php
abstract class RedisCacheInterface implements CacheInterface
{

}

In this example, the RedisCacheInterface is an abstract class that implements the CacheInterface.

For example, in the createInjection method, we can check if the requested class is a subclass of RedisCacheInterface and return a RedisCache instance, or check if the requested class is a subclass of MemcachedCacheInterface and return a MemcachedCache instance.

php
app/src/Application/Bootloader/CacheBootloader.php
public function createInjection(\ReflectionClass $class, string $context = null): CacheInterface
{
    if ($class->isSubclassOf(RedisCacheInterface::class)) {
        return new RedisCache(...);
    }
    
    return match ($context) {
        'redis' => new RedisCache(...),
        'memcached' => new MemcachedCache(...),
        default => new ArrayCache(...),
    };
}

Enum Injectors

The spiral/boot component provides a convenient way for resolving enum classes using the Spiral\Boot\Injector\InjectableEnumInterface interface. When the container requests an Enum, it will call a specified method to determine the current value of the Enum and inject any required dependencies.

There are several benefits to using Enum injections:

  • Type Safety: Injections allow for type safety, ensuring that the correct type of variable is being passed to a method or class.
  • Dynamic Resolution: Injections allow for the dynamic resolution of Enum values based on the current state of the application, this makes it easy to change the value of an Enum without having to manually update it in multiple places throughout the application.
  • Reusability: Injections can be reused across different parts of the application, making it more efficient to manage the creation of Enum instances.
  • Improved readability: Injections make the code more readable and self-explanatory by providing a clear meaning of the Enum instances used in the code.
  • Improved maintainability: Injections make the code more maintainable as the variables are centralised in one place and can be easily managed.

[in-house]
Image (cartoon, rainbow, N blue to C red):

Let's create an Enum, with which we can easily determine the environment of our application.

php
use Spiral\Boot\EnvironmentInterface;
use Spiral\Boot\Injector\ProvideFrom;
use Spiral\Boot\Injector\InjectableEnumInterface;

#[ProvideFrom(method: 'detect')]
enum AppEnvironment: string implements InjectableEnumInterface
{
    case Production = 'prod';
    case Stage = 'stage';
    case Testing = 'testing';
    case Local = 'local';

    public function isProduction(): bool
    {
        return $this === self::Production;
    }

    public function isTesting(): bool
    {
        return $this === self::Testing;
    }

    public function isLocal(): bool
    {
        return $this === self::Local;
    }

    public function isStage(): bool
    {
        return $this === self::Stage;
    }

    public static function detect(EnvironmentInterface $environment): self
    {
        $value = $environment->get('APP_ENV');

        return \is_string($value)
            ? (self::tryFrom($value) ?? self::Local)
            : self::Local;
    }
}

The ProvideFrom attribute is used to specify a detect method which is used to determine the current value of the Enum. The method will be called when the container requests the Enum and any required dependencies from the container will be injected into it.

Usage

The Container will automatically inject an Enum with the correct value.

php
app/src/Endpoint/Console/MigrateCommand.php
final class MigrateCommand extends Command 
{
     const NAME = '...';

     public function perform(AppEnvironment $appEnv): int
     {
           if ($appEnv->isProduction()) {
                 // Deny
           }
           
           // Perform migration
     }
}